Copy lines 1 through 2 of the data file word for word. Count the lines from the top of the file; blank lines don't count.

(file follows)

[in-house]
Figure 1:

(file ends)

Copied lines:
[in-house]
Figure 1: